Of the multiple storylines encompassing the Los Angeles Dodgers in Spring Training, Brett Anderson is one of the more intriguing ones. Coming off a season in which he made just eight starts, Anderson signed a one-year, $10 million contract with the Dodgers.
According to executives polled by ESPN, the Dodgers signing of Anderson was ranked one of the worst moves this past offseason. That feeling doesn’t apply to the Dodgers however, as general manager Farhan Zaidi said he’s confident the left-hander will have a clean bill of health with Los Angeles.
Anderson underwent surgery last August to repair a herniated disk in his back and according to ESPN’s Mark Saxon, has already completed multiple bullpen sessions:
Brett Anderson, coming off back surgery, said he has thrown off a mound 4-5 times, is under few restrictions
— Mark Saxon (@markasaxon) February 19, 2015
In a break from some of the monotony that’s come with questions regarding his inability to remain healthy, Anderson also touched on the type of batter he is, via Eric Stephen of True Blue LA:
Brett Anderson on hitting: "I'm an extra-base guy. I got 2 hits last year and they were both doubles."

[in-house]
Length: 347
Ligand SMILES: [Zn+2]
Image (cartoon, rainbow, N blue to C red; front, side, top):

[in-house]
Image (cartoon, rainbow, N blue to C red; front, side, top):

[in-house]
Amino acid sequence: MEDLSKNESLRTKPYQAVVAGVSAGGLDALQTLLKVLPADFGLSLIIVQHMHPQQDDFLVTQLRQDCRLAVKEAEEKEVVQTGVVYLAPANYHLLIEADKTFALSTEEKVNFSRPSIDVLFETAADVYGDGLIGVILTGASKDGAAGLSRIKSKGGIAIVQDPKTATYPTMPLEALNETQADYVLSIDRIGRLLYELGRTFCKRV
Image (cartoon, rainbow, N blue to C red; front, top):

— Eric Stephen (@truebluela) February 19, 2015
In his rookie season with the Oakland Athletics in 2009, Anderson made 30 starts, but has failed to make more than 19 in five seasons since that point. Along with the back issue, Anderson’s list of injuries include a broken thumb suffered in the batters’ box and Tommy John surgery; or as he put it in January, ‘fluky’ injuries.
While a back injury is certainly reason to pause, the 27 year old rehabbed with the same trainer who helped Randy Johnson recover from an identical procedure. Signing Anderson comes with risk for the Dodgers given his inability to remain healthy, but they could just as well catch lightening in a bottle.
A second-round pick in the 2006 draft, Anderson certainly has the talent to serve as a viable fifth starter for the Dodgers if he manages to avoid the disabled list. Additionally, by remaining healthy in 2015, he can earn up to $4 million in performance-based incentives.
Vin Scully Addresses The Crowd At Dodgers FanFest